‘I am not your correspondent.’ Gertrude Bell and the British intelligence network in the Middle East during the First World War
When Gertrude Bell set out for Arabia in January 1914, to ‘trace the frontier line of the Limes of the Later Roman Empire’, she also agreed to provide the Foreign Office with a detailed account of her travels. Her experience became truly invaluable when the war broke out in June.
In the Middle East, intelligence was gathered in a rather erratic manner, with a multitude of agents reporting to just as many departments. From 1915, Bell was one of these very independent agents, reporting on the Arab provinces of the Ottoman Empire.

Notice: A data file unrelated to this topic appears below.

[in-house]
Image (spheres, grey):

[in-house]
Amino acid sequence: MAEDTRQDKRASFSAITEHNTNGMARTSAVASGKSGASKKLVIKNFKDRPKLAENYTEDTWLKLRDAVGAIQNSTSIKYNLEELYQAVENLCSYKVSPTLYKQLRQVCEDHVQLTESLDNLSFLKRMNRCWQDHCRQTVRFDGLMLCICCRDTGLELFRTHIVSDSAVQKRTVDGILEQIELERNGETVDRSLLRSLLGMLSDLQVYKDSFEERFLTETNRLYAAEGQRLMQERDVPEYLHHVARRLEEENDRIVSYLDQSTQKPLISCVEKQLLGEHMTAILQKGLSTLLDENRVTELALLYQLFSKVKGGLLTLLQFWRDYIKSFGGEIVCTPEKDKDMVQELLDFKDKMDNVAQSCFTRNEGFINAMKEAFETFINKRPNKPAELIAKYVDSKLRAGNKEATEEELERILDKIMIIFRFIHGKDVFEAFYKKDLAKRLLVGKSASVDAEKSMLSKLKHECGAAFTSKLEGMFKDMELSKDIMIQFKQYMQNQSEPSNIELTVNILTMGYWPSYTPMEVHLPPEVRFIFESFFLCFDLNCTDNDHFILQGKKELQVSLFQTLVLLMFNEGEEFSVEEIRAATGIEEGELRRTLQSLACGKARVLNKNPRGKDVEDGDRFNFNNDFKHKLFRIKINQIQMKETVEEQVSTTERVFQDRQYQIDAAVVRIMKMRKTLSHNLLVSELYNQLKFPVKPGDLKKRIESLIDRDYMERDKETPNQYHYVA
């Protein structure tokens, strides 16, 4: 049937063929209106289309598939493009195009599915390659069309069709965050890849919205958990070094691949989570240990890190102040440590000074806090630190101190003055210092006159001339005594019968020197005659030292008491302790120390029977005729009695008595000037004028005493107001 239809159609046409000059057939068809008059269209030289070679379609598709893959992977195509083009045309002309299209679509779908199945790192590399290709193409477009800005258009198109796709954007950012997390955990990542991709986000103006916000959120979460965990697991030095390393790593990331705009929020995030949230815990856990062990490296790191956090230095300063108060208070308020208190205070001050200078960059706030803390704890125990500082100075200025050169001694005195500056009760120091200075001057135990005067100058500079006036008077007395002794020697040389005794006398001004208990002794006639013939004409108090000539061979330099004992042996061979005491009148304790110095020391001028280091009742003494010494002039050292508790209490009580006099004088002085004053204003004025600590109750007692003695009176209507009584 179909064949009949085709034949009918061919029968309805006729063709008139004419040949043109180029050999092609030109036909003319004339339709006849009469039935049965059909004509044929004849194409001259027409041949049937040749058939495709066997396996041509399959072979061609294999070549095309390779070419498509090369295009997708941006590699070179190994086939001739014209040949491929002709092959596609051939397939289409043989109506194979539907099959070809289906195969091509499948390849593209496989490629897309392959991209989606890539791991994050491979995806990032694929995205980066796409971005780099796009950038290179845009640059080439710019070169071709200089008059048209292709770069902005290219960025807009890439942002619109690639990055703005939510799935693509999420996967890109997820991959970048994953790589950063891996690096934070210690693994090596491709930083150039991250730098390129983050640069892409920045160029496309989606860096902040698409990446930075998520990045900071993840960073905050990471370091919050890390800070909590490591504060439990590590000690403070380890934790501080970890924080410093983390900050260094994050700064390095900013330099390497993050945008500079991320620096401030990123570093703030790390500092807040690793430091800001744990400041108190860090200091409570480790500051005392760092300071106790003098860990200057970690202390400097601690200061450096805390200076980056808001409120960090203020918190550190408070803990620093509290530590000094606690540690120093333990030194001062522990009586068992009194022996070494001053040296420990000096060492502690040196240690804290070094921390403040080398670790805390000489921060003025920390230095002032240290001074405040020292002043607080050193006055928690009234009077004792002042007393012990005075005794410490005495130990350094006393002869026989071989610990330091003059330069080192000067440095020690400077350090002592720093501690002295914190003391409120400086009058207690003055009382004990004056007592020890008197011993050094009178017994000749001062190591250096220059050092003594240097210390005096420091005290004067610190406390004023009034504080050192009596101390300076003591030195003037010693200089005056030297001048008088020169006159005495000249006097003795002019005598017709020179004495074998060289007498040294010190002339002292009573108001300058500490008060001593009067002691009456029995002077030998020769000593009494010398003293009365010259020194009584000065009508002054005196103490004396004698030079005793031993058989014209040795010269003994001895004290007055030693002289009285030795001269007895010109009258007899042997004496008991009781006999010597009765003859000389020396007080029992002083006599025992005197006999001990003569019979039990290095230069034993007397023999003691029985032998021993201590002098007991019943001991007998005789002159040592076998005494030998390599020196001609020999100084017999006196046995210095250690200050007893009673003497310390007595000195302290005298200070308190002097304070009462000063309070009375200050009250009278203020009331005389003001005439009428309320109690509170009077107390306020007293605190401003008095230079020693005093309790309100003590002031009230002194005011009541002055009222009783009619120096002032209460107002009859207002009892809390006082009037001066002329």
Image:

When an effort was made, in 1916, to harmonise British intelligence in the region, Bell joined the Arab Bureau and, through her reports and correspondence, became one of these archaeologists and intellectuals who turned scholarship into a deadly weapon.
Dr Juliette Desplat is the Head of Modern Overseas, Intelligence and Security Records in the Collections Expertise & Engagement Department at The National Archives, Kew.